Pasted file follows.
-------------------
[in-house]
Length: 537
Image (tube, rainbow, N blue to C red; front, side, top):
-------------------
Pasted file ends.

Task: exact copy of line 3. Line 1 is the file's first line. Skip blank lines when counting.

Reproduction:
Image (tube, rainbow, N blue to C red; front, side, top):